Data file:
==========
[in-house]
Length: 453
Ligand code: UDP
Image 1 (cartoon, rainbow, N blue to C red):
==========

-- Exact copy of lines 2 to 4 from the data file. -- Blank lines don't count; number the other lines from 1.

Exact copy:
Length: 453
Ligand code: UDP
Image 1 (cartoon, rainbow, N blue to C red):